Christianity Today has just published the interview of Mike Bird, author of What Christians Ought To Believe, with Anglican biblical scholar NT Wright, on his latest book, The Day that Revolution Began.
Here are some significant quotes from that interview.
Most Western Christians have been taught that Jesus died so that they could escape the results of sin and go to heaven after they die. The New Testament, however, regularly speaks of Jesus’ death as the defeat of the powers of evil that have kept the world in captivity, with the implication that the world is actually going to change as a result—through the life and work and witness of those who believe this good news.
The human problem isn’t just that God set us a moral exam and we all flunked it. It is that God gave humans a vocation: to reflect his image, to be (again, as in Revelation) a kingdom and priests, summing up the praises of creation and reflecting the creator’s wise rule into the world. Human rebellion and idolatry, then, doesn’t just mean that we are in trouble (though we are); it means that God’s larger purposes for creation are not going ahead as intended. So the long story of God’s plan to put things right, starting with Abraham, climaxing in Jesus and the Spirit, and looking ahead to the new heavens and new earth, isn’t the story of guilty humans being forgiven so they could go to heaven, but of idolatrous (and yes, therefore guilty) humans being rescued in order to be worshippers and workers in God’s restoration movement, God’s kingdom-project.
The problem comes in three stages: 1) We have swapped our biblical heritage of new heavens and new earth for a form of Platonism (“going to heaven”—which you find in the first century in Plutarch, not in Paul!); 2) we have swapped the biblical vocation of humans (to be “a kingdom and priests”) for a moral contract in which the most important thing is whether or not we’ve passed the moral exam, and if we haven’t what can be done about it; and 3) we have therefore swapped the rich biblical account of what Jesus’ death achieved for a slimmed-down version which can easily be heard to say that an angry God took out his bad temper on his own Son . . . which is the sort of thing a pagan religion might say. So, as I say in the book, we have platonized our eschatology, as a result of which we have moralized our anthropology, and have therefore been in danger of paganizing our soteriology. Fortunately, the Bible itself will help us get back on track.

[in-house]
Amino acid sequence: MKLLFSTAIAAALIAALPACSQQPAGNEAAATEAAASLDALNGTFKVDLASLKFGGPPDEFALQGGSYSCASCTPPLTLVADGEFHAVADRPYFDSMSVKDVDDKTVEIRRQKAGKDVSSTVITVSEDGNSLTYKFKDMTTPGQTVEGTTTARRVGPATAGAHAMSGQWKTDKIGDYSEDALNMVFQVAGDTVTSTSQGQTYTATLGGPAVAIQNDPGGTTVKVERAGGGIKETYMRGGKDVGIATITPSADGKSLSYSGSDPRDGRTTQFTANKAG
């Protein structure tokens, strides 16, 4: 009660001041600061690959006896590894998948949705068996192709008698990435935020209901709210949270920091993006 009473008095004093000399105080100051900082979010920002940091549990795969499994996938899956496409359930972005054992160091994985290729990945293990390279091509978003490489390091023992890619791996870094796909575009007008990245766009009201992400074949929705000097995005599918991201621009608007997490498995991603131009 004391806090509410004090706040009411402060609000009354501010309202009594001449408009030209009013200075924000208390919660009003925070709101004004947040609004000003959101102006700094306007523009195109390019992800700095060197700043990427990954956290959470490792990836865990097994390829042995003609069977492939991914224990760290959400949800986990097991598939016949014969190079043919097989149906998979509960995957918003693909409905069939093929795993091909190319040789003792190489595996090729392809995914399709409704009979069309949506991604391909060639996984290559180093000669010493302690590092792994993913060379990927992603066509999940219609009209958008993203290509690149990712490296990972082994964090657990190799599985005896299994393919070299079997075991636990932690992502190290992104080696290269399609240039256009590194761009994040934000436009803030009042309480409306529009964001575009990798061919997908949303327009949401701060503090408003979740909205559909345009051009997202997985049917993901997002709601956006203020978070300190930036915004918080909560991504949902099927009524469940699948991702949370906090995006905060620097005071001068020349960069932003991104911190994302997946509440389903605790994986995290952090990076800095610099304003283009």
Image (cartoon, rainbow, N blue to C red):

In the West we have been so seduced by the Platonic vision of ‘heaven’ that the resurrection of Jesus is seen simply as the “happy ending” after the crucifixion, and as the prelude to his “going to heaven” so that we can go and join him there later. This misses the central point that the resurrection of Jesus is the beginning of the new creation, in which we are to share already in the power of the Spirit. This affects everything, from prayer and the sacraments to mission and service to the poor. And yes, it ought to be reflected liturgically in whatever tradition we stand.